SwimLA Aims to Teach Young Angelenos How to Swim This Summer

by the City of Los Angeles on June 18, 2019
Children having swimming lesson

Mayor Eric Garcetti today kicked off the second season of SwimLA — a program that ensures young Angelenos between the ages of 4 and 17 have an opportunity to learn to swim, by increasing the number of lessons offered citywide and expanding the availability of swim scholarships.

“When kids learn how to swim, they get a chance to do more than stay cool during the summer — they gain access to a life-saving skill that will keep them fit and strong,” said Mayor Garcetti. “If we want to build the healthiest city in the world, we have to start with our youngest Angelenos. This summer, we will meet that mission by putting a swimming lesson in reach for more than 40,000 children across Los Angeles.”

Last summer, the Los Angeles Department of Recreation and Parks (RAP) enrolled 36,126 young Angelenos in swim classes — doubling the program’s 2017 enrollment. This year, Mayor Garcetti asked RAP to set sights even higher, with a goal of 40,000 participants by the end of the summer.    

To reach this goal, 51 City pools will offer lessons and expanded hours of operation; at 35 pools, the lessons will be free, while the remaining sites will offer subsidized programming.

“There are various forms of inequality and SwimLA helps kids who live in underserved neighborhoods like the one I represent,” said Councilman Curren Price. “All families, regardless of income or zip code, are entitled to equal access to recreation and sports programs. SwimLA doesn’t just teach our children how to be water safe, it also represents equal opportunity to be included and enjoy benefits that every child has the right to.”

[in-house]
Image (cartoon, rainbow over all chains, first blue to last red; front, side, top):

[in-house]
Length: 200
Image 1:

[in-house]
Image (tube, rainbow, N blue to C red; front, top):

According to the U.S.A. Swimming Foundation, 64 percent of African-American and 45 percent of Latino children don’t know how to swim; and 79% of children in households with incomes less than $50,000 have little or no access to swimming resources. With drowning the second-leading cause of accidental death for children under 14, it’s important that kids learn to swim and know how to be safe around a pool or any body of water.  

“L.A. City pools are a treasured resource for youth and families across Los Angeles,” said Michael Shull, General Manager, Recreation and Parks. “Learning how to swim is an essential life skill that will keep families active, healthy, and safe in all bodies of water.”

As L.A. prepares to host the Olympic and Paralympic Games in 2028, SwimLA is one of many exciting new sports and fitness opportunities that will be offered to young Angelenos — and move the city toward its ultimate objectives for health, fitness, and safety.

“The physical, social and emotional benefits that come from playing sports should be available to everyone,” said 4-time Olympic swimming champion Janet Evans. “Anyone who wants to play, who wants a chance to compete or to learn, should be able to. That’s why I’m especially pleased to see Swim LA continue to expand access to swimming. The work happening in these pools will provide long-lasting benefits to kids across Los Angeles for their entire lives, whether they go on to chase gold medals, or to chase dreams in other fields.”

Online enrollment for SwimLA begins today. For more information on swim classes and to find your nearest pool, visit www.SwimLA.org